Office Depot (NASDAQ:ODP) shareholders are no doubt pleased to see that the share price has had a great month, posting a 30% gain, recovering from prior weakness. But shareholders may not all be feeling jubilant, since the share price is still down 27% in the last year.
Assuming no other changes, a sharply higher share price makes a stock less attractive to potential buyers. In the long term, share prices tend to follow earnings per share, but in the short term prices bounce around in response to short term factors (which are not always obvious). The implication here is that deep value investors might steer clear when expectations of a company are too high. Perhaps the simplest way to get a read on investors' expectations of a business is to look at its Price to Earnings Ratio (PE Ratio). Investors have optimistic expectations of companies with higher P/E ratios, compared to companies with lower P/E ratios.
Does Office Depot Have A Relatively High Or Low P/E For Its Industry?
Office Depot's P/E of 34.06 indicates some degree of optimism towards the stock. As you can see below, Office Depot has a higher P/E than the average company (15.4) in the specialty retail industry.
Office Depot's P/E tells us that market participants think the company will perform better than its industry peers, going forward. Shareholders are clearly optimistic, but the future is always uncertain. So investors should delve deeper. I like to check if company insiders have been buying or selling.
How Growth Rates Impact P/E Ratios
When earnings fall, the 'E' decreases, over time. That means even if the current P/E is low, it will increase over time if the share price stays flat. Then, a higher P/E might scare off shareholders, pushing the share price down.
Office Depot's earnings per share fell by 70% in the last twelve months. And EPS is down 56% a year, over the last 3 years. This could justify a low P/E.
Remember: P/E Ratios Don't Consider The Balance Sheet
Don't forget that the P/E ratio considers market capitalization. In other words, it does not consider any debt or cash that the company may have on the balance sheet. Hypothetically, a company could reduce its future P/E ratio by spending its cash (or taking on debt) to achieve higher earnings.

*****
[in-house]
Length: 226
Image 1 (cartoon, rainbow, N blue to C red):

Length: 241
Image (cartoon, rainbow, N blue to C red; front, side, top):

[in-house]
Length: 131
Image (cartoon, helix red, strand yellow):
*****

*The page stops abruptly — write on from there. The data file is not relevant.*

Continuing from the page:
Such spending might be good or bad, overall, but the key point here is that you need to look at debt to understand the P/E ratio in context.
Is Debt Impacting Office Depot's P/E?
Office Depot's net debt is 89% of its market cap. If you want to compare its P/E ratio to other companies, you should absolutely keep in mind it has significant borrowings.
The Verdict On Office Depot's P/E Ratio
Office Depot has a P/E of 34.1. That's higher than the average in its market, which is 17.6. With significant debt and no EPS growth last year, shareholders are betting on an improvement in earnings from the company. What is very clear is that the market has become significantly more optimistic about Office Depot over the last month, with the P/E ratio rising from 26.1 back then to 34.1 today. If you like to buy stocks that have recently impressed the market, then this one might be a candidate; but if you prefer to invest when there is 'blood in the streets', then you may feel the opportunity has passed.
Investors should be looking to buy stocks that the market is wrong about. People often underestimate remarkable growth -- so investors can make money when fast growth is not fully appreciated. So this free visual report on analyst forecasts could hold the key to an excellent investment decision.
You might be able to find a better buy than Office Depot. If you want a selection of possible winners, check out this free list of interesting companies that trade on a P/E below 20 (but have proven they can grow earnings).
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